Out here in the wilds of the suburbs where films like Darjeeling Express are considered arthouse oddities, going to the movies means deciding which CGI-tacular will be the least boring — Iron Man or Hulk, say. So we put a couple of precious gallons of gasoline in the Rav and ventured into Chicago’s north side to catch Tell No One. It’s a perfectly accessible little mystery/actioner adapted from one of Harlan Coben’s bestselling, give-em-what-they-want thrillers, but since it was made by a French guy in France, with French actors who speak French and even read French on their French computers, you can find the film only at the the sort of theater that screens Sundance runners-up.
The set-up is irresistible to us thriller fans: Our protaganist, still mourning the death of his wife who had been brutally murdered eight years earlier, gets an anonymous email with code words that only he and his wife shared. Following the instructions in the email — especially the one that insists he “tell no one” — he logs on at a specified minute to a live webcam where he sees a blurry image of his wife. Mon dieu! Elle vit!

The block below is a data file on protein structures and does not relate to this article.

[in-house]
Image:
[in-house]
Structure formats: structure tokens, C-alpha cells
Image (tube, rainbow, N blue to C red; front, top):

Qu’est-ce que c’est??!
Well! If that’s not enough to hook you, never mind. Suffice it to say: mayhem ensues. There are lots — LOTS! — of dead bodies before all the mysteries are cleared up.
The movie — it translates to Ne Le Dis à Personne — is an unbelievably faithful adaptation of the book, except for its lifting everyone out of Corben’s usual New Jersey setting, whisking them across the Atlantic, and landing them in Paris. Too bad the Frenchiness will drive away Subtitle-phobic viewers, but I think it actually improves the story. The plot is so far-fetched that it benefits from a foreign setting: You follow the unfolding of the byzantine crimes and deceptions, and you figure, well, all these goings-on may be as goofy as an episode of F-Troop, but — who knows? — maybe that’s how things are over in Europe.